Sohag Tourist Attractions
The provincial capital of Sohag lies on the west bank of the Nile, here spanned by a large bridge (one section of which is a swing bridge), at the point where the Sohagiya Canal branches off the river.Sohag has cotton weaving factories and other textile industries, a busy bazaar, several mosques of no particular interest and a large Coptic Cathedral of the early 20th C.
Some 15mi/25km north-northwest of Sohag, on the edge of the desert hills, is the ancient White Monastery, also known as Deir Amba Shenuda after its most notable Abbot, Shenute.The monastery, centered on the church (built 440), is surrounded by a high wall of white limestone blocks which gives it something of the aspect of a fortress. The wall and the entrance gateway on the south side have the cavetto cornice familiar in Egyptian temples. The church, entered through a narthex with an apse at the west end, is an aisled basilica with a trilobate sanctuary, consisting of a square domed central area and three apses with semi domes. In the sanctuary and the nave are columns from the nearby ancient city of Atrepe (Athribis). The apses have two rows of five niches alternating with columns. Some of the ceiling paintings are well preserved. At the west end of the church is a second narthex with a pillared apse at the north end. The many treasures once contained in the monastery library are now in European collections.
4mi/6km west of the White Monastery in Sohag is the Red Monastery (Deir el-Ahmar), also known as Deir Abu Bshoi, now enclosed on two sides by modern buildings. The church, built at the same time as the White Monastery, was originally an aisled basilica with finely carved capitals. The sanctuary has apses, columns and poorly preserved ceiling paintings.
Abu Shusha (west bank of the Nile), the ancient Egyptian Per-djodj. 3mi/5km southeast is the village of Samhud, built on mounds of rubble marking an ancient site.
The modest district capital of Akhmim lies 3mi/5km east of Sohag on the right bank of the Nile, just north of a wide loop in the river. It has a number of cotton mills and a lively bazaar. Akhmim is one of the great centers of the Coptic faith, with several churches.HistoryAkhmim occupies the site of the ancient Chemmis or Panopolis, which was the chief town of a nome. The Egyptians called it Epu, and also Khente-Min, after its protective deity, the ithyphallic harvest god Min: hence the Coptic name of Shmin and the Arabic Akhmim. Herodotus (ii, 91) praises the citizens of Chemmis as the only Egyptians who favored Greek customs and relates that they erected a temple to Perseus and worshiped him with Hellenic rites. Strabo refers to the weavers and stone cutters of Panopolis. The town continued to flourish during the Roman period, and its ancient and famous temple was enlarged in the 12th year of Trajan's reign (A.D. 109). In Christian times many religious houses were built around Panopolis. The Patriarch of Constantinople, Nestorius, who had been banished to the Kharga Oasis because he did not acknowledge the Virgin Mary to be the Mother of God, died in Panopolis. Even after the Arab Conquest Akhmim was described by Abulfida and other writers as a great city, with temples which were among the finest remains of the Pharaonic period.There are only scanty remains of the once flourishing ancient city, among them a few sandstone blocks belonging to a temple in the northeast of the town and a number of columns, some of which still stand erect.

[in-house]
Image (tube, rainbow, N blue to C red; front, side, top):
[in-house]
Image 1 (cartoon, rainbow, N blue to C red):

During excavations in 1981 the colossal statue of an Egyptian queen, with an estimated total height of 33ft/ 10m, was brought to light.
Extensive necropolises have been found in the low hills some 3mi/5km northeast of Akhmim. They are reached by way of the village of El-Hawawish (2.5mi/4km), just beyond which, in a hill, are many ancient tombs, now totally destroyed.The tombs farther to the north are older, dating from the Roman, Ptolemaic and Egyptian periods. Higher up in the hills lie sixth Dynasty tombs. South of Akhmim is a rock chapel constructed in the reign of King Ay (18th Dynasty).
North and west of El-Hawawish extends a Christian cemetery used from the fifth to the 15th C. In the vicinity is a Coptic monastery.
Nag Hammadi (west bank of the Nile). The main road and railroad now cross to the east bank, which they follow to Aswan.